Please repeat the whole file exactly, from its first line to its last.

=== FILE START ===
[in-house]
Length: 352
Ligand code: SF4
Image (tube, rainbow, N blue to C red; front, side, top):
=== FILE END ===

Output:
[in-house]
Length: 352
Ligand code: SF4
Image (tube, rainbow, N blue to C red; front, side, top):